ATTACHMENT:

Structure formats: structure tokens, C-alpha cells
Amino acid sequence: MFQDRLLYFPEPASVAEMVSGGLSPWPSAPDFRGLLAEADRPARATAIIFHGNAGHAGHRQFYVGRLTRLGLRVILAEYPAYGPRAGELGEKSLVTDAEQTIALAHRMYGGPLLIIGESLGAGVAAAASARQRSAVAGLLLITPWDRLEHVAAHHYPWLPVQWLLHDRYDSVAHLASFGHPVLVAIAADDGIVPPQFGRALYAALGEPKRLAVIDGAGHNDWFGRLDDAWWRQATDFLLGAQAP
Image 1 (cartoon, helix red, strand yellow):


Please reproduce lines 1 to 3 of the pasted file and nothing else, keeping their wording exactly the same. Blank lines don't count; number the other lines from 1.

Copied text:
Structure formats: structure tokens, C-alpha cells
Amino acid sequence: MFQDRLLYFPEPASVAEMVSGGLSPWPSAPDFRGLLAEADRPARATAIIFHGNAGHAGHRQFYVGRLTRLGLRVILAEYPAYGPRAGELGEKSLVTDAEQTIALAHRMYGGPLLIIGESLGAGVAAAASARQRSAVAGLLLITPWDRLEHVAAHHYPWLPVQWLLHDRYDSVAHLASFGHPVLVAIAADDGIVPPQFGRALYAALGEPKRLAVIDGAGHNDWFGRLDDAWWRQATDFLLGAQAP
Image 1 (cartoon, helix red, strand yellow):